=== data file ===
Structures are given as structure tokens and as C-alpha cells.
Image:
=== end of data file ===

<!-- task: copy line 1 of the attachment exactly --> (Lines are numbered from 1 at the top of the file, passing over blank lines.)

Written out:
Structures are given as structure tokens and as C-alpha cells.